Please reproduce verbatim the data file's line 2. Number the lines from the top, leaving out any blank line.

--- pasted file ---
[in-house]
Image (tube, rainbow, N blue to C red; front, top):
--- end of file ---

Image (tube, rainbow, N blue to C red; front, top):